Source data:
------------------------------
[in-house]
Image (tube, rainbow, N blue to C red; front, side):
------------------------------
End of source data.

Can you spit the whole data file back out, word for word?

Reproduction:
[in-house]
Image (tube, rainbow, N blue to C red; front, side):